CQD, Captain Peter Kilty and Pere Marquette Car Ferry Number 18
Lake Michigan After a Storm-Robert N. Dennis Collection
by Kathy Warnes
As the Pere Marquette Car Ferry No. 18 was sinking, Captain Peter Kilty ordered his wireless operator to send a CQD, the first on the Great Lakes.
Captain Peter Kilty was familiar with Lake Michigan and its moods. The son of Great Lakes mariner, Patrick Kilty, Peter was born in St. James, Michigan, in 1860, and received his education in the local schools. He also educated himself with reading, observing, and working on fishing schooners to gain practical knowledge of navigation. While still a boy, he worked on schooners near his home and gained at least thirteen years experience.
In 1882, Peter Kilty married Miss Mary Elizabeth Nackerman of Marquette, Michigan, and they established a home in Ludington, Michigan. The couple had three children: Alfred John, Claude P., and Mary Elizabeth.
In 1889, Captain Peter Kilty became captain of a fishing tug on Lake Onekama. He served as master of the Adrian, that ran between Manistee and Onekama and next took charge of the steamer John D. Doore for one season and then he spent six seasons as mate on the Petoskey, which sailed between Chicago and Petoskey, Michigan.
In 1896, Peter Kilty became captain of the Ann Arbor No. 1, the first government car ferry to cross the Great Lakes. For two years, Captain Kilty successfully sailed the Ann Arbor No. 1, and then on May 20, 1898, he accepted the position of master of the car ferry steamer Pere Marquette No. 18, which had been built in Cleveland in 1898 at a cost of $450,000. It was then was the largest car ferry in the world.
Wireless Operator Stephen Sczepanek Sends a Lake Michigan CQD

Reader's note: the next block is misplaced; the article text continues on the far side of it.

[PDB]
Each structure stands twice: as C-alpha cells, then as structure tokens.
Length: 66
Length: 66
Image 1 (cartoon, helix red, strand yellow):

On September 9, 1910, Captain Peter Kilty guided the Pere Marquette No. 18 out of Ludington, Michigan bound for Milwaukee, Wisconsin. Although the Pere Marquette No. 18 was making its first trip across Lake Michigan after 60 days of working under charter for a Chicago excursion company, Captain Kilty had no cause for alarm.
The government inspectors at Ludington had inspected the ship and crew and pronounced everything shipshape and seaworthy. The steamer carried a full cargo of 32 cars- 11 cars of coal and 21 of miscellaneous freight and over 50 passengers and crew.
The voyage had been uneventful until the Pere Marquette No. 18 reached the middle of Lake Michigan. Suddenly, an oiler burst into the Captain’s quarters, reporting that the Pere Marquette No. 18 had taken on a huge amount of water. Captain Kilty set a direct course for Sheboygan and ordered wireless operator Stephen Sczepanek to send a distress signal.
The captain and the crew battled for four hours to save the Pere Marquette No. 18, or at least to bring her closer to shore. They pushed nine of the cars overboard in an effort to lighten the load and keep the ferry afloat.
Pere Marquette No. 17 Receives a CQD